Student Affairs leaders divvy work-study

Units say work-study hour changes should not influence hiring

CODY COTTIER, Evergreen reporter

For the first time, the Division of Student Affairs decided to allocate work-study funding at the executive level, an adjustment to the process of distributing nearly $1 million in student employee wages.

Work-study, which funds hundreds of student jobs, comes from a combination of federal, state and WSU employer funds. Students eligible for work-study can receive between $1,000 and $4,000 per year. This funding is in addition to each department’s wage budget, allowing the university to employ more students overall.

Mollie Holt, area financial officer for Student Affairs, said the initial allocation of work-study funding comes from Student Financial Services and is based on how much each department used the year before. In the past, Holt said, the departments would collaborate to reallocate the money, if necessary, based on the number of students each department wanted to hire.

This year, with new Vice President of Student Affairs Mary Jo Gonzales and two incoming associated vice presidents, they decided to formalize the process. Holt said this gives them a better big-picture view of work-study funding in the division and helps them use it as efficiently as possible.

“The ultimate goal in all of this,” she said, “is to benefit the students and maximize the use of work-study.”

In the first reallocation by Division of Student Affairs leaders, four departments received cuts and 11 received increases, though Holt said the final allocations could change between now and the October 1 deadline.

The largest reduction by far is to Dining Services, which will receive nearly $30,000 less. Gary Coyle, director of Dining Services, said this will bring the service’s work-study more in line with the number of students it employs. Because some students leave their jobs early or transfer to other departments, he said dining doesn’t always spend its entire work-study budget.

“We’re just moving that number to be closer to what we are actually achieving,” Coyle said.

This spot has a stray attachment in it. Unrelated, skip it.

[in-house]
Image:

The next largest decrease is to the College Assistance Migrant Program, which will receive $15,000, roughly $10,000 less than last year. Holt said this is because the program can fund its employees through grants. Michael Heim, director of CAMP, could not be reached for comment.

Counseling and Psychological Services lost all of its work-study funding, which in 2017-2018 was $3,700. Holt said CAPS did not need a student worker. Dan Neighbors, outreach coordinator for the department, declined to comment for this article.

The CUB was initially set to receive $28,000 in the upcoming year, an increase of $8,000 over the previous year, but will now receive $20,000 again. CUB Director Sean Greene said this will not affect hiring.

As an auxiliary department, he said, it is not required to hire work-study students like some other departments. Rather, the department hires based only on qualification. He added that with a wage budget of nearly $500,000, the $8,000 difference is negligible.

The largest increases in work-study funding went to the Access Center and Access, Equity and Achievement, both of which roughly doubled from about $10,000 to about $20,000. Holt said Division of Student Affairs leaders thought it was important that these departments receive more funding. Six other departments received increases of roughly $1,000 to $5,000.

“We feel,” Holt said, “that the work we have students do is really valuable.”

The Office of Student Media, which houses The Daily Evergreen, was initially reported as receiving no work-study money for 2018-2019. However, Holt said this was due to an error in how the office entered its work-study authorization forms the previous year. She said the office will still receive funding in the upcoming year.